How the land lies

Jutting like an orthodontic problem, the rocks of Hutton’s Unconformity are reached along a shingle path from Lochranza, at the crown of Arran. The crooked strata here mark one of several Scottish sites where geologist James Hutton discerned the deep, plutonic processes involved in land formation. Along the bracing coast these are easy to overlook, though Hutton did not. His visit here, in 1787, was an enlightened moment in an era curiously ready to see the world anew – and, by so doing, as ever more ancient than had been supposed.IMG_0808

Discovering the Unconformity was one of many attractions back to this luminous place, where (with a keen eye on ferry times after last year’s crisis) we stayed again at Brae Cliff, the decomposing farmstead inherited by my sister-in-law. Too preoccupied with England after writing ‘Parish’, some cross-border perspective was long overdue. So, abandoning Bruce Chatwin’s In Patagonia, I pulled down instead The Highland Clearances, John Prebble’s vivid (if not uncontested) account of the enforced desertion of highland communities already underway when Hutton was hammering the schist on Arran.

The most striking impression made by this book is of contrasting types of ‘landedness’: that of the clan chiefs and (often English) aristocracy – whose property the land was, yet who appear uprooted from it – and their people, in ‘mystic unity’ with a shared soil of which they owned not an inch. For Prebble, a communist, this was deeply significant. Like most historians, he found in the past what he was looking for – which is not to say that it wasn’t really there, merely to affirm that we perceive those aspects of the truth which our traditions attune us to. The land itself equivocates, and sometimes bears false witness.

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The Twelve Apostles, from an original painting by Nikki Surridge

Nevertheless, even this far south there is evidence of a seismic social shift, discounted forgenerations until Prebble and others had the eyes to see it. Just down from Lochranza, there is a ridge of whitewashed cottages known as The Twelve Apostles, built to rehouse resistant islanders who, replaced on the hillsides by deer, now had to fish for their lives. Predictably, the parish church was complicit in this upheaval. The patronage system, whereby landowners would appoint malleable ministers, inevitably meant the muting of a more radical voice, one that would eventually be liberated as the Free Church of Scotland split with the established denomination in 1843. In the Clearances, it seems as if the main role of the parish minister was to lend moral support, seasoned with eternal threat, to the uprooting process.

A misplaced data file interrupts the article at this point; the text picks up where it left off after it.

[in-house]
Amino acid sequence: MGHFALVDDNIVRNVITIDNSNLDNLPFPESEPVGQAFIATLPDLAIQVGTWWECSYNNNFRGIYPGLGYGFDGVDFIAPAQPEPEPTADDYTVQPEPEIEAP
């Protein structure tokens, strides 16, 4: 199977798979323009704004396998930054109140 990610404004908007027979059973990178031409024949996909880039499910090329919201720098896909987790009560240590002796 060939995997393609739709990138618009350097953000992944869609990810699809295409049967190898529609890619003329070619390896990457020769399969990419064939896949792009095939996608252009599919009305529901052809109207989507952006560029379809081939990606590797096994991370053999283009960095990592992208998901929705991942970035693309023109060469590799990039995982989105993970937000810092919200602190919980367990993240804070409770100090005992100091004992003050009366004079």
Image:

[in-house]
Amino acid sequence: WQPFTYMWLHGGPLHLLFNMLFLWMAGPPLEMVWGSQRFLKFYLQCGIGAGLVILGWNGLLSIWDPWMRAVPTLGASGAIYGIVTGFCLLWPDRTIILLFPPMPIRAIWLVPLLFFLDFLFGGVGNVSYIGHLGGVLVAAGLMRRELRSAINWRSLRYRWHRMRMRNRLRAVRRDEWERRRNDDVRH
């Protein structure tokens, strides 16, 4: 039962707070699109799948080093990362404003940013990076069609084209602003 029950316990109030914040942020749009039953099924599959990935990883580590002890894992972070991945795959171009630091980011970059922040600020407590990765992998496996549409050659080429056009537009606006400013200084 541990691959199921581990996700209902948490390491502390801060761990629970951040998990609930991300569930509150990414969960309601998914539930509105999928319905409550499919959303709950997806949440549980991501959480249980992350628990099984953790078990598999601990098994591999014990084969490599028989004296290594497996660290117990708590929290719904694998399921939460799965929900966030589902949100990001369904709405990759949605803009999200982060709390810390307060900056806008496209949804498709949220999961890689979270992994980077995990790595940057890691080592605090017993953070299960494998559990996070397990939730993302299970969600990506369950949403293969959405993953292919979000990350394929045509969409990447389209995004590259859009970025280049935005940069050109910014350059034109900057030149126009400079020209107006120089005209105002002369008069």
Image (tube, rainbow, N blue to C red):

Here on Arran, unconformity again broke the surface in 1815, with the appointment by the Duke of Hamilton of Reverend Crawford, ‘a man well stricken in years’, according to island historian Thorbjorn Campbell. His flock deserted the kirk faster than they had the hills, setting up an unofficial alternative in ‘The Preaching Cave’, just along from Blackwaterfoot, our home for Half Term. Learning of this on the last day, I scrambled down the shore to find it, an ecclesiastical Hutton (as I imagined), drawn by the out-of-place.

Such a holy moment when I did: a green, prismic hollow, in whose receding apex leant a driftwood cross, lashed with netting. I preached, naturally, though with none to hear my brief gospel but a few seals and the slick, slate sea.

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Sanctimonious drivel

First published in Strangely Warmed (Bloomsbury 2010)

By far the most enjoyable thing to issue from a more strident secularism in public life has been the enthusiastic airing of some of the most delicious and condescending put-downs the mother tongue has to offer.

Listening recently to BBC Radio 4 phone-in, which had featured some calmly non-flammable comments from the Archbishop of Canterbury, in whizzed a call bemoaning Dr Williams’ ‘moralistic hand-wringing’. Chances to employ ‘hand-wringing’ with any real vigour ideally require a senior churchman on the receiving end in order to convey the right sense of clammy-palmed paranoia about moral issues. Slip in ‘the good bishop’ before your criticism and the game is as good as over.